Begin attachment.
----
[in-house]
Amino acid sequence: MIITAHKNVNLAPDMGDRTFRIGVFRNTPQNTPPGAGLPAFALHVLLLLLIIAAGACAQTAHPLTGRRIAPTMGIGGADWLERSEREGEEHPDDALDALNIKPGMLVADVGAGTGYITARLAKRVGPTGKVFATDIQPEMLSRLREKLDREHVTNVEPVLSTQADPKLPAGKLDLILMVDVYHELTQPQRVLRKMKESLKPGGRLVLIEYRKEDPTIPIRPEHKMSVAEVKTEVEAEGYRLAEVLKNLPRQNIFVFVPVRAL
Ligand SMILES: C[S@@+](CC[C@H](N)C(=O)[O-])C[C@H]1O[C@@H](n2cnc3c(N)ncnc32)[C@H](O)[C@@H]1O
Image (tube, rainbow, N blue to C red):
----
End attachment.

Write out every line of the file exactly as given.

[in-house]
Amino acid sequence: MIITAHKNVNLAPDMGDRTFRIGVFRNTPQNTPPGAGLPAFALHVLLLLLIIAAGACAQTAHPLTGRRIAPTMGIGGADWLERSEREGEEHPDDALDALNIKPGMLVADVGAGTGYITARLAKRVGPTGKVFATDIQPEMLSRLREKLDREHVTNVEPVLSTQADPKLPAGKLDLILMVDVYHELTQPQRVLRKMKESLKPGGRLVLIEYRKEDPTIPIRPEHKMSVAEVKTEVEAEGYRLAEVLKNLPRQNIFVFVPVRAL
Ligand SMILES: C[S@@+](CC[C@H](N)C(=O)[O-])C[C@H]1O[C@@H](n2cnc3c(N)ncnc32)[C@H](O)[C@@H]1O
Image (tube, rainbow, N blue to C red):